Cloud security has always been a sensitive topic. For many years, security was listed as the number-one reason why companies shied away from adopting cloud technologies. Cloud security has improved considerably over the years, but a survey conducted by Perspecsys shows just how far we have to go, especially when it comes to understanding where and how data is protected.
While at RSA, the folks from Perspecsys surveyed more than 125 attendees about data control in the cloud and more than half (57 percent) said they don’t have a complete picture of where their sensitive data is stored. Perhaps more alarming, 48 percent of the respondents said they don’t have a lot of faith in their cloud providers to protect their data. And because of this lack of trust, cloud adoption is slowed.
Maybe we haven’t come that far in cloud security, or at least the perception of cloud security, after all. Although, I have to say, the findings in the Perspecsys survey are a lot more encouraging than the results of a Ponemon Institute study of a year ago that found, according to eSecurity Planet:
… only 16 percent of respondents know where all of their sensitive structured data resides — and just seven percent know the location of all of their sensitive unstructured data, including data in emails and documents.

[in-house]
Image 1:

In a statement, Gerry Grealish, CMO with Perspecsys, explained where exactly the concerns are in data storage and security:
Challenges with tracking where sensitive and regulated data is flowing, and the inability to control that flow in outsourced environments such as SaaS cloud applications, where it can move freely between data centers and cloud provider’s partner’s systems, is a key challenge for enterprises in regulated sectors.
I had a chance to talk to Grealish while I was at RSA, and we spoke about the concerns over the loss of control of data in the cloud. During our conversation, he made two comments that I think were important takeaways on the issue. First, we have to remember that the most sensitive data should never be stored in the cloud. Sometimes compliance regulations restrict cloud storage options, but companies also need to be smart about cloud computing. If certain information is lost, what amount of damage will your company suffer?
Second, he said companies need to do a better job at keeping control of the data stored in the cloud. That can be done through encryption or tokenization, a point he stressed in his formal statement about the survey:
Enterprises need to consider encrypting or tokenizing any sensitive data before it goes to the cloud, so they retain full control of their information while it is in-transit to the cloud, while it is stored at-rest in the cloud, and while it is in-use being processed in the cloud.
Sue Marquette Poremba has been writing about network security since 2008. In addition to her coverage of security issues for IT Business Edge, her security articles have been published at various sites such as Forbes, Midsize Insider and Tom’s Guide. You can reach Sue via Twitter: @sueporemba